Learn As You Go – As you get comfortable and gain confidence, you will learn how to pace yourself during longer runs, how to train when it snows, and how to slow down and heal when injured. On the modernization front, you will experience failure and success. An application designed to improve performance may not deliver a huge impact. It could be related to performance, or perhaps the ‘look and feel.’ And that’s okay. You will learn something new every time you modernize an application. Be prepared to adjust your plans.
Celebrate Each Accomplishment – The most important aspect for running a marathon and application modernization is the ability to recognize and celebrate each success. Running a 10K or half marathon is a major accomplishment. It’s important to take the time to celebrate with those who helped make it happen. The same holds true for any successful major integration. Releasing a modernized application calls for “a team hug.” Everyone wants to win, and acknowledging everyone’s contribution and hard work will be a motivating factor when presented with the next challenge.
Aim High But Avoid Burnout – You’ve experienced some success and want to go further… 26.2 miles and full digital transformation. You’ll have to condition your mind and body for what’s next. In the case of application modernization, if you find outdated technology, is it better to ignore, to modernize, or rewrite? Quick business-driven actions are critical, and the same holds true for your marathon training. 26.2 miles will undoubtedly include some steep hills, and as you face the hill on mile 10 you need to decide if you will walk or sprint it, keeping in mind there are 16.2 more to go.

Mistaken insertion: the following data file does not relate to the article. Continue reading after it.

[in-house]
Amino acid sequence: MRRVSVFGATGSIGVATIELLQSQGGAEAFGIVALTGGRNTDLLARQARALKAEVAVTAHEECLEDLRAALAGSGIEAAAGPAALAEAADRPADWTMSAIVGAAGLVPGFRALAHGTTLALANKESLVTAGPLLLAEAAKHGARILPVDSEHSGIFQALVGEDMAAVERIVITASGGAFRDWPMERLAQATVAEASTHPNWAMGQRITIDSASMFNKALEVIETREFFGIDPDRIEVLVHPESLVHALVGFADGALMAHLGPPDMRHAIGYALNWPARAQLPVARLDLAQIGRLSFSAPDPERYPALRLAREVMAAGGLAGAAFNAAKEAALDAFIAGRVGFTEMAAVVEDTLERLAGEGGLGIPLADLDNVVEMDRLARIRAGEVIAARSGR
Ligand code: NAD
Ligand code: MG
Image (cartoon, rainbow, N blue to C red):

Coming Together To Move Forward
Long-distance running evolves into a lifestyle. I’ve raced in Vancouver, Oregon, Napa Valley, Berlin, Buenos Aires, and Madrid, to name a few. Every race brings different rewards and contributes to my goal of living healthy as a citizen of the world.
It is the same with application modernization. You need a huge collaborative effort that includes design, engineering, and agile method before you reach your first milestone. Once that first success is realized, and you’ve celebrated with your team, you just keep going for more: another batch of applications, another set of business goals, and more new technologies to tackle.
And what do we do when a crisis, like COVID-19 hits? Naturally, things shift. All races have been cancelled for the foreseeable future and we have to adapt. My running group set our own race, picking my birthday in June as the race date, and we are training toward that. We don’t have group runs, we respect social distancing, but we are connected remotely and tracking our progress. In June we’ll run a real race and celebrate our mutual milestones. The power of the running community is amazing and inspiring.
The same holds true for application modernization. Business has been impacted, processes have shifted, and projects have been put on hold. But, application modernization efforts don’t need to stop, they need to be re-imagined and flexible. Work can be accomplished remotely. Processes can ensure continuity and that progress does not stall. New technologies and tools are empowering remote work like never before and teams can deliver regardless of their location.
Goals and timelines may need to be reset, but now is not the time to stand still.
After all, the diligent turtle won the race.